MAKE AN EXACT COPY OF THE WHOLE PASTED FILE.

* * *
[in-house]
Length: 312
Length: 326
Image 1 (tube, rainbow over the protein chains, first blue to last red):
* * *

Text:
[in-house]
Length: 312
Length: 326
Image 1 (tube, rainbow over the protein chains, first blue to last red):